Sepultura have released their 14th album entitled Machine Messiah, which they promise will re-affirm their status as standard bearers for heavy music.

Guitarist Andreas Kisser says the band chose to find a new producer to work with, which led them to Swedish producer Jens Bogren.

“It was fun working with Jens in Sweden. He was the perfect choice for this. To bring all the details we needed and new ideas,” Kisser says.

“For instance, the violins from this ensemble orchestra in Tunisia really brought new possibilities for the guitar leads in songs. The band and Jens were really connected.”

Lead vocalist, Derrick Green, suggested Bogren because of his work with Moonspell, Kreator and Opeth who all spoke highly of him.

“We’ve worked with great producers like Ross Robinson, Roy Z, Andy Wallace and Steve Evetts, and every single one brought something different to Sepultura and our music,” Kisser says.

“It was the perfect choice for us, we learned so much from him because he is an amazing guy and amazing producer.”

Kisser says Eloy Casagrande had a profound influence over his playing style, helping spur on his creative drive.

“Eloy is an amazing musician, probably the best drummer around. He brought new possibilities to my guitar work, we could really explore more of our musicianship,” Kisser says.


The Sepultura name is always linked to the nasty split in 1998, which saw founding member Max Cavalera leave the band and form Soulfly.

However, Kisser says he feels privileged to have had the opportunity to take the band all over the world – 76 countries over the span of 32 years.

“Thankfully we were busy touring all over the world doing the 30-year celebration tour for Sepultura and touring non-stop since The Mediator (Between Head and Hands Must Be the Heart),” Kisser says.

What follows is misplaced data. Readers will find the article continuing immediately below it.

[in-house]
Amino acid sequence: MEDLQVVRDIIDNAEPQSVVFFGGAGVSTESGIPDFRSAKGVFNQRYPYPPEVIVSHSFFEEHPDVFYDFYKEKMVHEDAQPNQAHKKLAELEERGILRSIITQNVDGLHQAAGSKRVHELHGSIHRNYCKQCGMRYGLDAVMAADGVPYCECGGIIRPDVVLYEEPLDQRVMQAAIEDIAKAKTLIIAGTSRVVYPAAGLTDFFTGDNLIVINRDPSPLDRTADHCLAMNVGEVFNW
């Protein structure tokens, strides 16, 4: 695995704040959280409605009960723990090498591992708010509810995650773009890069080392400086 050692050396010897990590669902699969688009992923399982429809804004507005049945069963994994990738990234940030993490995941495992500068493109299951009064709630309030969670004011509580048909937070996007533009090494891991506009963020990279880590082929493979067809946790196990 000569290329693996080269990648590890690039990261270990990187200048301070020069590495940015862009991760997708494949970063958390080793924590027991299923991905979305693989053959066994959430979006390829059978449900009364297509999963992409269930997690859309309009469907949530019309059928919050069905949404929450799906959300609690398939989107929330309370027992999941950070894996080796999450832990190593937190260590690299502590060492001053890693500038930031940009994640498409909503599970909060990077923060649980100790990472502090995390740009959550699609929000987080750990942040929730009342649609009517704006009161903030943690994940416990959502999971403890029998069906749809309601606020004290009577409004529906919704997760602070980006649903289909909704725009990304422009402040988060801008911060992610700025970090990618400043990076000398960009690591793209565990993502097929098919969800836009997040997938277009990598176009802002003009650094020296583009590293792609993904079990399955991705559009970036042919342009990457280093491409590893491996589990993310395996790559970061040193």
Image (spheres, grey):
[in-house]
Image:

“Every place we go, we meet new people, experience new music and new things that influence our playing,” Kisser says.

Keeping Sepultura active means allowing the music to live on beyond any permanent split, but it also means keeping the negative history too.

Kisser acknowledges criticism of the decision to continue the band after key personnel changes, but believes persevering through struggle sends a better message.

Not making any rash decisions about ending the band, taking the good with the bad, and persevering through hard times is what keeps Sepultura going.

“A horrible moment happened in our career, it was like a door closing, but another ten opened,” Kisser says.

“We thought about changing the name, trying something new or even leaving music all together – Our minds were really in turmoil in those days.

“It’s a learning experience and I thank everything that happens, the good and bad stuff because they are very necessary to grow up.”

No tour dates for Australia are expected to be announced, but Kisser is hopeful there might be something in the second half of the year.